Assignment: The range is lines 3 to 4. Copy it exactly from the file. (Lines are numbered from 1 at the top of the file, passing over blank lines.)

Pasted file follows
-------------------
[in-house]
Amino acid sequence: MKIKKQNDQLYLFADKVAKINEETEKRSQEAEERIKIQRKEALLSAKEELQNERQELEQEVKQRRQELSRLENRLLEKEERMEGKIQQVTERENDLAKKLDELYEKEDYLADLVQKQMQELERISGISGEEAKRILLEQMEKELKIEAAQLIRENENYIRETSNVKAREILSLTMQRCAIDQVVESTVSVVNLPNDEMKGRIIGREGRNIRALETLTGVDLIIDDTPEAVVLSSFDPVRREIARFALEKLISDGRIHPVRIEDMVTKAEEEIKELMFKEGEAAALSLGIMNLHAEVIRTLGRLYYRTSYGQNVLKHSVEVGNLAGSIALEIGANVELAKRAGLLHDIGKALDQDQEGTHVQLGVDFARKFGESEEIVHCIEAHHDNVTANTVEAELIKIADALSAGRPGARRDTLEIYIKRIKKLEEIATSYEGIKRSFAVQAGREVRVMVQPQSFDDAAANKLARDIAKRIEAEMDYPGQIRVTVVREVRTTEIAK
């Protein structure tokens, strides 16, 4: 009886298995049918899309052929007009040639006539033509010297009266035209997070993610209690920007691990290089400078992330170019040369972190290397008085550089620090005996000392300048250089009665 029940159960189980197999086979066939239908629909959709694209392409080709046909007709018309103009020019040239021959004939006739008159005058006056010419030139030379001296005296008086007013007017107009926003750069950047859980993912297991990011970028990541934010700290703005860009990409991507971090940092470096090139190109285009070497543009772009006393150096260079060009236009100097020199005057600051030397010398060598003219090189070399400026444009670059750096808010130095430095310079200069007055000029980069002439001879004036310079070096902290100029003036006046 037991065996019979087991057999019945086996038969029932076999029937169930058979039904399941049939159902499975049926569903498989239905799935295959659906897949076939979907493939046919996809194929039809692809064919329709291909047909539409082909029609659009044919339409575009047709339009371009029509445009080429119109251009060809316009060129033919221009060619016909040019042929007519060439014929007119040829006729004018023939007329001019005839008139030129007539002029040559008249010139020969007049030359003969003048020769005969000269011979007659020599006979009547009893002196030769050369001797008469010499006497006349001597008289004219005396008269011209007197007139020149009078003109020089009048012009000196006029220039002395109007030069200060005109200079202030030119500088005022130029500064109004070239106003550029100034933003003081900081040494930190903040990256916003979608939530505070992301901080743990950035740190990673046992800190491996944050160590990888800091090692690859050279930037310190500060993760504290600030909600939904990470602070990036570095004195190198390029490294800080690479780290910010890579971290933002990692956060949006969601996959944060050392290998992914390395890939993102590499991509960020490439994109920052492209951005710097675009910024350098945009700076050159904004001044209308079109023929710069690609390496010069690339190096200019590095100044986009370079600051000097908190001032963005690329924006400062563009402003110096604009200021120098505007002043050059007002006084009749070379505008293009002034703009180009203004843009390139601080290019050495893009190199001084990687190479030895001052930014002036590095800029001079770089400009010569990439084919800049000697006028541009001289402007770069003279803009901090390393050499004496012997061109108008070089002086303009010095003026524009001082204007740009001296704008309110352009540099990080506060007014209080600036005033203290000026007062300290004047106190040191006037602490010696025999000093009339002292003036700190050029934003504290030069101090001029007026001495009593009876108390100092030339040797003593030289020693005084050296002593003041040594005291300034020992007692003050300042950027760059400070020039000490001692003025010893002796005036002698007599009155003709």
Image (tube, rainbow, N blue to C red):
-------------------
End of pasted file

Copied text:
């Protein structure tokens, strides 16, 4: 009886298995049918899309052929007009040639006539033509010297009266035209997070993610209690920007691990290089400078992330170019040369972190290397008085550089620090005996000392300048250089009665 029940159960189980197999086979066939239908629909959709694209392409080709046909007709018309103009020019040239021959004939006739008159005058006056010419030139030379001296005296008086007013007017107009926003750069950047859980993912297991990011970028990541934010700290703005860009990409991507971090940092470096090139190109285009070497543009772009006393150096260079060009236009100097020199005057600051030397010398060598003219090189070399400026444009670059750096808010130095430095310079200069007055000029980069002439001879004036310079070096902290100029003036006046 037991065996019979087991057999019945086996038969029932076999029937169930058979039904399941049939159902499975049926569903498989239905799935295959659906897949076939979907493939046919996809194929039809692809064919329709291909047909539409082909029609659009044919339409575009047709339009371009029509445009080429119109251009060809316009060129033919221009060619016909040019042929007519060439014929007119040829006729004018023939007329001019005839008139030129007539002029040559008249010139020969007049030359003969003048020769005969000269011979007659020599006979009547009893002196030769050369001797008469010499006497006349001597008289004219005396008269011209007197007139020149009078003109020089009048012009000196006029220039002395109007030069200060005109200079202030030119500088005022130029500064109004070239106003550029100034933003003081900081040494930190903040990256916003979608939530505070992301901080743990950035740190990673046992800190491996944050160590990888800091090692690859050279930037310190500060993760504290600030909600939904990470602070990036570095004195190198390029490294800080690479780290910010890579971290933002990692956060949006969601996959944060050392290998992914390395890939993102590499991509960020490439994109920052492209951005710097675009910024350098945009700076050159904004001044209308079109023929710069690609390496010069690339190096200019590095100044986009370079600051000097908190001032963005690329924006400062563009402003110096604009200021120098505007002043050059007002006084009749070379505008293009002034703009180009203004843009390139601080290019050495893009190199001084990687190479030895001052930014002036590095800029001079770089400009010569990439084919800049000697006028541009001289402007770069003279803009901090390393050499004496012997061109108008070089002086303009010095003026524009001082204007740009001296704008309110352009540099990080506060007014209080600036005033203290000026007062300290004047106190040191006037602490010696025999000093009339002292003036700190050029934003504290030069101090001029007026001495009593009876108390100092030339040797003593030289020693005084050296002593003041040594005291300034020992007692003050300042950027760059400070020039000490001692003025010893002796005036002698007599009155003709």
Image (tube, rainbow, N blue to C red):